For instance:

public void doSomething() { ... }

Map<Boolean, Boolean> cache = new ConcurrentHashMap<>();

public void doSomethingOnce() {
  cache.computeIfAbsent(true, x -> {
    doSomething();
    return true;
  });
}
2

perhaps the break keyword is what you need? After running you method call break; I am sorry its not 100% clear what you mean from your question.

Have a look here from the sun docs

  • A break would end the for-loop immediately. As the loop contains more code, than only the method-call, I assume a break isn't intended. – Mnementh Apr 19 '10 at 11:01
2

Another overkill solution:

Depending on what you want to do, it might be possible to use a static initialization block.

public class YourKlass{
    public void yourMethod(){

        DoTrick trick; 

        for( int i = 0; condition; i++){
            // ... (1)
            trick = new DoTrick(); // or any kind of accessing DoTrick
            // ... (2)
        }

    } 
}

public class DoTrick{
    static{
        // Whatever should be executed only once 
    }
}

Simple solution:

Or, instead you just want to execute the first part outside of the loop:

int i = 0;
if( condition ){
    // ... (1)
    // do trick
    // ... (2)
}
for(i = 1; condition; i++){
    // ... (1)
    // ... (2)
}
  • -1 First solution is overkill, second solution is not IN the loop. – Tomas Apr 19 '10 at 11:02
1
import java.util.ArrayList;

class RemoveDuplicate {
    public static void main(String[] args) {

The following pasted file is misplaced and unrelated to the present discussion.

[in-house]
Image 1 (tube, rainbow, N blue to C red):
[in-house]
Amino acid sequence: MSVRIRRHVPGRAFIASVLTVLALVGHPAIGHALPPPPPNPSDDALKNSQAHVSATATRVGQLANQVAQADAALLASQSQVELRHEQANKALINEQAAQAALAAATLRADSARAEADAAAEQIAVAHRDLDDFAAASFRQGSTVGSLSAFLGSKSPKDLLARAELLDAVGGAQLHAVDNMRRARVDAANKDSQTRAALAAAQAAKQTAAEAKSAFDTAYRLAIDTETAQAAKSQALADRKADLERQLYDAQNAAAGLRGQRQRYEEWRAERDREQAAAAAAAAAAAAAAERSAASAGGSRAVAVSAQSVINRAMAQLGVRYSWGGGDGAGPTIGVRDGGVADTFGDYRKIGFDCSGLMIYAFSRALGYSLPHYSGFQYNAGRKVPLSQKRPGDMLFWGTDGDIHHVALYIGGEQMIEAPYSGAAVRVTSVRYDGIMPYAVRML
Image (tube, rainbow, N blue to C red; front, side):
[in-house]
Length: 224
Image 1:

ArrayList<String> originalList = new ArrayList<String>();
        originalList.add("foo");
        originalList.add("bar");
        originalList.add("bat");
        originalList.add("baz");
        originalList.add("bar");
        originalList.add("bar");
        String str="bar";
        ArrayList<String> duplicateList = new ArrayList<String>();

        // adding duplicates to duplicateList
        for(String currentString : originalList) {
        if(currentString.startsWith(str)) {
                duplicateList.add(currentString);
            }
        }
        // removing duplicates in duplicatesList
        for(String removeString : duplicateList) {
            originalList.remove(removeString);
        }
        // finally adding duplicateElement
        originalList.add(str);

        for(String currEntry : originalList) {
            System.out.println(currEntry);
        }
    }
}
  • How is this related to the question? – Aaron Digulla Jun 15 '17 at 8:24
0

my sample from my app:

boolean alreadyExecuted = false;

then :

private void startMyService() {

    if(!alreadyExecuted) {

        final Handler handler = new Handler();
        handler.postDelayed(new Runnable() {
          @Override
          public void run() {
            //Do something after 4 seconds
              context.startService(new Intent(context, myService.class));
              alreadyExecuted = true;
          }
        }, 4000);
       }
  • alreadyExecuted is not used in your post code. – TYZRPVX Jul 17 '18 at 9:22